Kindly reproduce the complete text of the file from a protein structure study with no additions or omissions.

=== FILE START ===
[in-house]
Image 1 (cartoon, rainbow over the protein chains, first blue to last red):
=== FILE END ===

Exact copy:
[in-house]
Image 1 (cartoon, rainbow over the protein chains, first blue to last red):